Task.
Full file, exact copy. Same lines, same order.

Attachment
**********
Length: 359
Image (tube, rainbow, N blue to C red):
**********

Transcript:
Length: 359
Image (tube, rainbow, N blue to C red):